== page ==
Anti-Corruption Certification

To get certified

International experts - Published: 11 April 2013
Astrid Mignon Colombet, François Buthiau,
Partners Soulez Larivière & Partners, Lawyers Paris Bar -

Over the past few years more and more cases initiated in the United States for offenses of international corruption (Foreign Corrupt Practices Act, FCPA) by both American and foreign companies are settled by an original legal instrument, the Deferred Prosecution Agreement (DPA). Currently, close to 40% of these signed agreements are the result of infractions of the FCPA.

What is a Deferred Prosecution Agreement?

A DPA is an agreement with the American authorities (Department of Justice, DOJ) whereby a company or, more rarely, an individual facing a criminal investigation submits to a certain set of obligations in exchange for the charges against them ultimately being dropped. The DPA originated with a 1974 law, the Speedy Trial Act, which authorized prosecutors to defer prosecutions with the court’s approval in order to give the defendant an opportunity to demonstrate his good conduct. The specifics are defined by principles established by the Department of Justice (Principles of Federal Prosecution of Business Organisations.) Taken with the NPA (non-prosecution agreement), the DPA represents one of the primary alternatives available to companies who seek to avoid prosecution through a pre-trial diversion, thus averting a formal indictment and, ultimately, a criminal conviction. The agreement is different from a guilty plea as the company does not plead guilty, but limits itself to acknowledging the facts as presented in the government’s case. Specifically, as soon as the DPA is signed, the prosecutor files it with the relevant court and initiates prosecution by filing an Information, however the prosecution is immediately deferred. At the same time, the agreement is announced through a DOJ press release and published on the DOJ web site.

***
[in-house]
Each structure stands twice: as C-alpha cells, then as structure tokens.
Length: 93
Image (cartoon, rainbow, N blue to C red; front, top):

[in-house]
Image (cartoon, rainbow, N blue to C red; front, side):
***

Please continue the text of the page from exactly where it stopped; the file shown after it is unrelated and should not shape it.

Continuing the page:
What happens once a DPA is signed?

A probationary period of between one and four years begins depending on the specifics of the agreement (two and a half years is the average), during which time the company must respect the obligations agreed to in the DPA. The obligations generally include the following: payment of the financial penalties which can be up to hundreds of millions of dollars (ex. Siemens, Alcatel, Technip, JGC Corporation) sometimes into the billions, acknowledgement of the veracity of certain alleged facts of the case and the implementation of an anti-corruption compliance program potentially under the supervision of an external monitor (monitors are appointed approximately 30% of the time). At the end of this period, if the prosecutor, using his/her discretionary powers, decides that a company has respected its obligations fully he/she can then request the original court to dismiss all charges (motion of dismissal) and this is usually granted by the Court. The government action is then definitively terminated (dismissal with prejudice).

What are the advantages of a DPA?